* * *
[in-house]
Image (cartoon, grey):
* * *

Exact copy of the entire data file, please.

[in-house]
Image (cartoon, grey):